District 6 board of education members Mathews and Talley declare re-election bids | #Education | #sextrafficing | #childsaftey

Two Greeley-Evans School District 6 Board of Education members have declared their plans to run for re-election this fall.

Board president Michael Mathews and board member Ray Talley are in the process of completing required paperwork and the process to get their names on the November ballot.

Mathews, 46, was elected to his first term in 2017. He is the lead pastor at Saint Patrick Presbyterian Church in Greeley, and he has five sons who attend District 6 schools. Talley, 29, was elected to a two-year term in 2019. A school social worker in the St. Vrain School District, Talley has two young children, including a son in elementary school in District 6.

School board candidates in Colorado must file a candidate affidavit with the secretary of state’s office within 10 days of becoming a candidate, according to information on the website of Secretary of State Jena Griswold. A person becomes a candidate upon publicly announcing the intent to run for office and receiving a contribution or making an expenditure in support of that person’s candidacy.

Talley said one of his reasons for running again is to be part of a board that reflects the diversity of the community. Talley is Black, Native American and gay. Mathews offered his experience as one reason for seeking another term. His children are another motivating factor.

“There is always a need for parents on the board,” Mathews said. “It matters the most to us.”

In November, the board will have two new members and as many as four. In addition to Talley and Mathews going for re-election, board members Rhonda Solis and John Haefeli will hit the term limit allowed for holding the office as they come to the end of their second terms.

Board Vice President Terri Pappas’ second term expires in 2023. Natalie Mash was appointed to the board in 2018 and elected the following year. Pepper Mueller is in her first term, which expires in 2023.

“I see how cohesive that board is, and I think it’s important to keep that going,” Talley said. “I look at boards that aren’t as cohesive, and it’s difficult to get work done.”

District 6 Board of Education member Ray Talley listens as Jackson Elementary School principal Ingrid Dillehay speaks in March 2021 about the new library during a tour for the District 6 board of the newly remodeled Greeley school. (Alex McIntyre/The Greeley Tribune)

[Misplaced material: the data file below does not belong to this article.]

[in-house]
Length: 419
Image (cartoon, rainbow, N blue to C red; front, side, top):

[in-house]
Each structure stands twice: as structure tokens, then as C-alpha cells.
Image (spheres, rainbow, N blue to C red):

Talley said if he’s elected for a second term one of his areas of focus and interest will be emphasizing the work and health of teachers, staff and administrators as the school system recovers from its experience with the pandemic. Talley said there are staff in the district, including teachers, who might not have as much in-person experience with students. He wants to make sure they’re equipped, prepared and supported to deal with the change.

“It was a really tough year for our administration and teachers as they navigated the online platforms and figured out how to provide access,” Talley said. “It’s ensuring there is extra support there for staff. Mental health support or community support. Students are going to come back with a lot of stuff, and it’s going to be difficult for them.”

Talley and Mathews both said the renewal of the mill levy override, MLO, passed by district voters in 2017 was another reason they chose to run again. Mathews called the renewal one of his “top priorities” if given a second term.

The MLO was projected to raise about $14 million annually for seven years, according to information on the District 6 website. The district began receiving funds from the MLO in January 2018. There are four sources within the district that receive MLO funding: safety and security; recruiting and retaining high-quality staff; technology; and student achievement.

District 6 Board of Education President Michael Mathews listens as Jackson Elementary School principal Ingrid Dillehay, not pictured, speaks in March 2021 about the new SmartLab during a tour for the District 6 Board of Education of the newly remodeled Greeley school. (Alex McIntyre/The Greeley Tribune)

Mathews said the passage of the MLO was key in the district being able to provide a computer device to every student with the onset of the pandemic. He also has a goal to establish an individual learning plan for every student with a second term. The plan is a part of the district’s Innovation 2030 strategic plan.

“We want individual learning plans for all of our students that follow them through their education and helps parents and teachers know what the objectives are and the goals to get them on the right track, so they are career- or college-ready,” Mathews said. “We think that is certainly possible. So they not only graduate with a diploma, but with a real idea what to do next.”

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